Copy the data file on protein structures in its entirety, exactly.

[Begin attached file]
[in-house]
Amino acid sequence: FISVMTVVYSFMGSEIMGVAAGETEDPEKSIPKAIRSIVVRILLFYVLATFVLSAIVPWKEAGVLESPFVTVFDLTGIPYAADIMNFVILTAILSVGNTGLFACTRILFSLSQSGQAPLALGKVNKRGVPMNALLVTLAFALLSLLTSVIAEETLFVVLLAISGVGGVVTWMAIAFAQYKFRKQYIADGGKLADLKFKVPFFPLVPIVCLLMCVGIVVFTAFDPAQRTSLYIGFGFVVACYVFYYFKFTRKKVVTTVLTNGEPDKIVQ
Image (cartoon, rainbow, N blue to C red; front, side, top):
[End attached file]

[in-house]
Amino acid sequence: FISVMTVVYSFMGSEIMGVAAGETEDPEKSIPKAIRSIVVRILLFYVLATFVLSAIVPWKEAGVLESPFVTVFDLTGIPYAADIMNFVILTAILSVGNTGLFACTRILFSLSQSGQAPLALGKVNKRGVPMNALLVTLAFALLSLLTSVIAEETLFVVLLAISGVGGVVTWMAIAFAQYKFRKQYIADGGKLADLKFKVPFFPLVPIVCLLMCVGIVVFTAFDPAQRTSLYIGFGFVVACYVFYYFKFTRKKVVTTVLTNGEPDKIVQ
Image (cartoon, rainbow, N blue to C red; front, side, top):